20211213, 01:11  #1 
May 2003
3·97 Posts 
Question about OPN sieving
I thought of a random question today about the process of sieving of odd perfect numbers. As I have understood the process, we take prime numbers less than an arbitrary limit and generate sigma chains based on powers of those prime numbers. It occurred to me that we can't possibly check the sigma chains on ALL the primes less than the limit, so I now have two questions:
1. Since we can't check them all, how do we know that we've eliminated all possible OPNs below 10^2000 or whatever other limit we have chosen? 2. How do we pick the right prime numbers to start the sigma chains? 
20211213, 12:31  #2  
Just call me Henry
"David"
Sep 2007
Liverpool (GMT/BST)
2^{3}×7×107 Posts 
Quote:
This is explained in the end game section of http://www.lirmm.fr/~ochem/opn/ and also in https://mathspeople.anu.edu.au/~brent/pd/rpb116.pdf Some of the larger numbers are included because it shortens the proof. For example excluding 5 without first considering 3 effectively requires excluding 3 as 5^1+1 is 6=2*3 so it is better to do this first. There may be others worth adding for this purpose. I am currently experimenting to see if there are any small primes that can be excluded easily that would shorten future sections of the proof. Unfortunately this is a nontrivial problem as so much effort has been expanded on the standard set of primes.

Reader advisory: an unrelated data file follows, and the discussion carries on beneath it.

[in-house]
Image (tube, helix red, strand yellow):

Thread Tools  
Similar Threads  
Thread  Thread Starter  Forum  Replies  Last Post 
Question about sieving  David703  Proth Prime Search  27  20201018 16:01 
Sieving Question  __HRB__  Math  1  20190428 05:47 
Dumb sieving question  fivemack  Software  7  20171127 22:48 
A question on lattice sieving  joral  Factoring  5  20080403 08:01 
Sieving question  jasong  Sierpinski/Riesel Base 5  9  20070723 00:03